HMRC just want the tax return and the tax in on time

05 June 2015

With the recent media coverage on HMRC’s approach to £100 penalties for people sending in their tax return late, HMRC has issued a news item reiterating their resource focus on investigating major tax avoidance and evasion rather than penalising ordinary people who are trying to do the right thing.

The press release states:

“…it’s important to make clear that the deadline for appealing fines for 2013/14 tax year has now passed. Those who have already appealed will only be let off the fine if they’ve now sent in their return, paid the tax due, appealed and have a good reason for sending it in late.

This is part of our planned, proportionate approach to penalty appeals, particularly for small businesses and individuals.

The bottom line is that we don’t want to charge penalties, we just want the tax return and the tax in on time.”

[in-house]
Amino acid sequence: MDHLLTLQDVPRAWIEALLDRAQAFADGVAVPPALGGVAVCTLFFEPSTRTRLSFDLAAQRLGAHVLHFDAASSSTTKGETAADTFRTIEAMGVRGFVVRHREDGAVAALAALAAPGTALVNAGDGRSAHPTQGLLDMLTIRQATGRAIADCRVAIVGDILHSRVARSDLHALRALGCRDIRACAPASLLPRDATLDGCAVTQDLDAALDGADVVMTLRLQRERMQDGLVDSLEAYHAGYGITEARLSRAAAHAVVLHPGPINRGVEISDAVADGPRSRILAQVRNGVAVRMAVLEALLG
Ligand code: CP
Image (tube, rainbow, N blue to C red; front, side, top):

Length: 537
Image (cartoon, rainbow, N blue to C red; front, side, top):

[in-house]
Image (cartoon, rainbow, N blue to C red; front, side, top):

HMRC also said that in addition, the more complete picture that digital technology gives them means, in the longer term, they want to move away from sending out penalty notices as a mechanical reaction to a single missed deadline.

They will be able to track patterns of behaviour so that they only focus on those who persistently fail to pay or send their tax returns on time.

This new approach was set out in the recent HMRC penalties discussion document. (See CIPP response to HMRC Discussion Document on Penalties for further details.

Next week, and for the same reasons, HMRC will be announcing changes to penalties incurred for sending real time PAYE information late.